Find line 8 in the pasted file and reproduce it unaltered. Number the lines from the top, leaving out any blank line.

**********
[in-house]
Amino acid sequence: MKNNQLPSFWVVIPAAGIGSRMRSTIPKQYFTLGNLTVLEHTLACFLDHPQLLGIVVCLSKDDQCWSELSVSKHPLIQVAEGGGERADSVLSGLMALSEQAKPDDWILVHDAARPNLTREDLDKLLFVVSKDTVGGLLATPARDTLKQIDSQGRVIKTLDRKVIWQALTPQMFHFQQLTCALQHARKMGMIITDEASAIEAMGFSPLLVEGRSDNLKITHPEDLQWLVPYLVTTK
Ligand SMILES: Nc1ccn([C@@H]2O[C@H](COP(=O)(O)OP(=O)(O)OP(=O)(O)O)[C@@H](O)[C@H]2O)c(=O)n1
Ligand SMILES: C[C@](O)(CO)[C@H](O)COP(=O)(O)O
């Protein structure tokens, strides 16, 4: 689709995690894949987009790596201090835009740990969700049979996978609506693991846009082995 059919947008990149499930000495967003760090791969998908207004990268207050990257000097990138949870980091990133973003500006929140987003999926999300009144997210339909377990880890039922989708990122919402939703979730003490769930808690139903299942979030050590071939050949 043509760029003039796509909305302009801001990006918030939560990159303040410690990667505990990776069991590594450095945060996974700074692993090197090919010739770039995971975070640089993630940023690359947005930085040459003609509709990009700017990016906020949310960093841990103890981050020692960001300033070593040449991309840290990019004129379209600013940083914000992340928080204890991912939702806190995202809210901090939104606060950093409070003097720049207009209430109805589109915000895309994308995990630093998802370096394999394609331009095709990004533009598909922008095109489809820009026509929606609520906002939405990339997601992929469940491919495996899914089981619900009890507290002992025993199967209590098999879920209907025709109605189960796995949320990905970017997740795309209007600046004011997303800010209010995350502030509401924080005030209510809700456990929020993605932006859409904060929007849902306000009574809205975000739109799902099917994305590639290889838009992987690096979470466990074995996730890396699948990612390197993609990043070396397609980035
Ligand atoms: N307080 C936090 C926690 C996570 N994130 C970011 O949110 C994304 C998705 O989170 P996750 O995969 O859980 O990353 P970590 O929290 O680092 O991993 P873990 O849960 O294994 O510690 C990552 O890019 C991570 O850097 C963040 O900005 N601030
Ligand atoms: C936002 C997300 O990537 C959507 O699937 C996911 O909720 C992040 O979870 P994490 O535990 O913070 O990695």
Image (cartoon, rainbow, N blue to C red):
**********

Image (cartoon, rainbow, N blue to C red):